(1880 - 1938)
Ernst Ludwig Kirchner was active/lived in Germany, Switzerland. Ernst Kirchner is known for Expressionist painting, drawing, printing.
Ernst Kirchner was born in Dresden, Germany in 1880. The son of an engineer in a paper plant, Kirchner studied architecture at his father's insistence, but switched to painting as soon as he got his diploma. In 1905 he and three former fellow students set up a studio in an empty Dresden butcher shop and proclaimed themselves leaders of a new movement they called Die Brucke (The Bridge). The members endlessly read French and German philosophers, drank into the night, took midnight swims with their female models, absorbed everything in museums and galleries. In 1911, they moved to Berlin.
Kirchner had developed a style of his own; he had begun painting the famed street scenes that were to be his forte. As a German expressionist, his works were both romantic and subjective. His paintings were elegant with long and pointed figures done in quick jagged strokes. His color was arbitrary, used to express a mood.
In 1914, after volunteering for the artillery, Kirchner had a nervous breakdown and was found to be suffering from tuberculosis. From then on, his life became a battle against alcohol, dope and in his last years, the Nazis. In 1937 the Nazis removed six hundred thirty-nine of his works from German museums; thirty-two were displayed in the notorious Munich exhibit of "degenerate art". Less than a year later, in 1938, at the age of fifty-eight, Kirchner ended his life by shooting himself.
Written and compiled by Jean Ershler Schatz, artist and researcher from Laguna Woods, California.
Time Magazine, December 5, 1960
Ernst Ludwig Kirchner (1880, Aschaffenburg, Bavaria - 1938, Davos, Switzerland) was the son of a Dresden paper plant engineer. In 1901 he began to study architecture at the Technische Hochschule (technical school) in Dresden. He continued his studies in Munich from 1903/04 and finished his degree in Dresden in 1905. Together with fellow students Erich Heckel, Karl Schmidt-Rottluff and Fritz Bleyl, Kirchner founded the artists association Brücke in June 1905 and committed himself to painting, drawing and printing.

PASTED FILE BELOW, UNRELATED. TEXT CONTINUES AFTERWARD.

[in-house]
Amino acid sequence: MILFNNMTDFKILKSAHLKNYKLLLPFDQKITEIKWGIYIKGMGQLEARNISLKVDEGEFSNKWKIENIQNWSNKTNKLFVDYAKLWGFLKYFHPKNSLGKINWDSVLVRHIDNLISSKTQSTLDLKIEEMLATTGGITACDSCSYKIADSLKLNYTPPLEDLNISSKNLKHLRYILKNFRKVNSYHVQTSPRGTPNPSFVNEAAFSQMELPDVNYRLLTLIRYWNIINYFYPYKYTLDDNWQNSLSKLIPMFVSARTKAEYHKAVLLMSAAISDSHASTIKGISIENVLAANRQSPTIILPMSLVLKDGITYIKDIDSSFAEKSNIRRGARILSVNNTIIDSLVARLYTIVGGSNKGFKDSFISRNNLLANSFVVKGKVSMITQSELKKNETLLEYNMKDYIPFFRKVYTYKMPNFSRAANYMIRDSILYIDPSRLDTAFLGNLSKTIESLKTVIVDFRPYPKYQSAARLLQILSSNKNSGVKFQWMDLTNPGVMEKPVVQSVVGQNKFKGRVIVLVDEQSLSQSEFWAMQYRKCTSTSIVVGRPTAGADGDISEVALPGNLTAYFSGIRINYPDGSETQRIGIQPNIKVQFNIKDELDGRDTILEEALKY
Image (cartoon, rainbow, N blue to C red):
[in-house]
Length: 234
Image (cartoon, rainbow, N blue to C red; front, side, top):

In 1906 he met Doris Große, who became his favorite model until 1911. He spent the summers between 1907 and 1911 in Goppelen, Germany and on the island of Fehmarn with members of the "Brücke". In his work he focused on the female nude in nature, expressed in strong, colorful and impulsive images.
Kirchner moved to Berlin in 1911 and founded the MUIM (Modern Teaching of Painting) with Max Pechstein, in order to pass-on new artistic convictions and demands. The school was open for only a year and in 1913 Kirchner wrote the Chronik der Brücke (chronicle of the Bridge modern artist's group), which caused the association's break-up. His first exhibition as an individual artist at the Museum Folkwang in Essen established his work as a part of the contemporary artistic scene.
Between 1913 and 1915 Kirchner painted a famous series depicting the German Großstadtbilder (metropolis), in which he captured the pulsating life of modern Berlin in hectic brushstrokes. In 1914 Kirchner voluntarily joined the military service. Following a nervous breakdown Kirchner was released from the army at the end of 1915, and from 1916 to 1917 he recovered in the sanatoriums of Davos, Switzerland. In 1918 Kirchner moved to Davos permanently, lived in a farm house in the Alps and mainly focused on depicting mountain scenery until the end of his life.
Various exhibitions in 1920 introduced his work to a wider public in Germany and Switzerland. Kirchner moved to Wildboden, Austria in 1923. A substantial exhibition of his work shown at an art gallery in Basel prompted the Swiss painters Paul Camenisch, Albert Müller and Hermann Scherer to found the artists' association Rot-Blau (red and blue). The later 1920s were characterized by great artistic success for Kirchner. His first monograph was published in 1926 as was the first part of a catalogue raisonne of his graphic work. An extensive exhibition was staged in Davos and an important commission for murals in the Folkwang Museum followed in 1927. In 1928, Kirchner took part in the Biennale in Venice. In 1931 he became a member of the Prussian Academy of Arts.
The Nazis defamed his work as "degenerate" in 1937 and confiscated all of his paintings, which were on display in public museums. Kirchner committed suicide on 15th July 1938.
Saint Louis Art Museum, MO
Pinakothek der Moderne, München, Germany
Thyssen-Bornemisza Museum, Madrid
Stiftung Stadtmuseum, Berlin
Neue Galerie, New York City
Museum of Modern Art, New York City
National Gallery of Art, Washington D.C.